For the Ladies

and also for Rachel

When the armies go off to war, The Ladies wait behind, sip cool drinks, fan themselves with the fans of mourning. At noon they stand together and practice their lamentations, their sad bravery. In the evenings they are birds, and drink at mossy wells, eat green cress until their mouths are stained. They do not know the way of the warrior at war; neither do the armies know the secret lives of The Ladies, nor do they wonder. Honor is a stern recognition of which knowledge brings happiness and which tragedy.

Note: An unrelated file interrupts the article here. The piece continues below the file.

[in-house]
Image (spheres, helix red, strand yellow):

When the armies return, perhaps victorious, perhaps not, but honorable still, in either case, The Ladies will shower the warriors with flowers and twists of red paper, and whisper deep in their throats the seven proper salutations. This is the way of The Ladies, to be appreciative, to be withdrawn, to be cool in the twilight. Many come to The Ladies, and many depart; not for everyone is the sorbet in a crystal glass, not for everyone is the endless wind and the taste of cress.

Far away are the red skies and the brown trees of the warriors, far away is the flame, but The Ladies, no less than the armies, are old masters of discipline and the path of right action.